President Joe Biden’s top economic adviser played down the risk of recession in a recent interview, suggesting Americans be confident during what he called a “period of transition” of COVID-19 recovery.
It comes amid growing warnings from banks and economists that the U.S. economy could be heading into recession in the next 12 to 24 months.
“Our economy is in a period of transition. We’re moving from the strongest economic recovery in modern history to what can be a period of more stable and resilient growth,” Brian Deese, director of the White House National Economic Council, told “Fox News Sunday.”
While being asked about whether Americans should be prepared that the country is heading into a recession, the White House economic adviser repeated his previous claims and sidestepped the second part of the question from anchor Martha MacCallum.
“People should also take confidence that we are better positioned than any other country to navigate through this and keep our recovery going,” Deese said.
He then cited a recent report claiming the domestic economy may outstrip China on a calendar-year average basis for the first time in decades, which MacCallum soon directed to the reason, as Bloomberg reported, that China is in the middle of its deepest lockdown since the start of the pandemic.
Stating that the United States has “the strongest job market in modern history,” Deese admitted that gas and grocery costs “create real hardship and uncertainty” for Americans.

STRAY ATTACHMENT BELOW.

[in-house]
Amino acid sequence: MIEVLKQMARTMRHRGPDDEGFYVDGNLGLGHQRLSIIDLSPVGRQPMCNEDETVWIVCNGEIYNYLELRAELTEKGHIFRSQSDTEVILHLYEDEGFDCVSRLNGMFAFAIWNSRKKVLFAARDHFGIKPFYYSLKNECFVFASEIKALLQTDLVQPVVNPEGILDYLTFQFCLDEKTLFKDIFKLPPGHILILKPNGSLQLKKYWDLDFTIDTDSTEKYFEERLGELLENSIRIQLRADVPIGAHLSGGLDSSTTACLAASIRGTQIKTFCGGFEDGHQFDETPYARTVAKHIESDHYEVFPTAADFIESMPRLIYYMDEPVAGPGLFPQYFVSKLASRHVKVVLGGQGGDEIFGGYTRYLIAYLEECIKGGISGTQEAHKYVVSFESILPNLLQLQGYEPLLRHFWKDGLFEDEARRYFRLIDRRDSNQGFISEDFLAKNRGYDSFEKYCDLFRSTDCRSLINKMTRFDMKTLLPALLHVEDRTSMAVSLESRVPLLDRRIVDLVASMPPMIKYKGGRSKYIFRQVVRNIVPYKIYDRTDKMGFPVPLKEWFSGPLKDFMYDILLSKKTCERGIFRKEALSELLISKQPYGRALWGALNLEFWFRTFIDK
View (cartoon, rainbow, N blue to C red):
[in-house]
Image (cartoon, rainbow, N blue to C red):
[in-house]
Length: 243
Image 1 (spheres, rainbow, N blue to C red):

His remarks come as recession fears continue to mount among investors and consumers, as bankers, CEOs, and Wall Street veterans suggested a looming potential for hardship.
Last Friday, the S&P 500 Index, deemed the most accurate quantifier of the overall U.S. stock market, briefly fell into bear market territory for the first time since 2020, tumbling more than 20 percent from its record high.
A recent Bloomberg monthly survey of economists found that the probability of a recession over the next 12 months is 30 percent, the highest in two years. Morgan Stanley projects (pdf) a 27 percent chance of a recession in the next 12 months, up from 5 percent in March.
Federal Reserve Bank of Minneapolis President Neel Kashkari told a town hall event in Michigan on May 17 that it is unclear if the central bank will need to trigger a recession to bring inflation down.
Yet Goldman Sachs economists believe the chances of the economy entering a recession in the next two years are still low, even as the investment bank’s equity team has just released a recession manual for its clients on how to prepare for a downturn.
“The president has made it very clear that combating inflation is his top economic priority,” Deese told Fox News. He added that the administration aims to continue giving the Federal Reserve independence to fight inflation, and lower Internet and prescription drug prices, besides further cutting down the federal budget deficit.
Andrew Moran contributed to this report.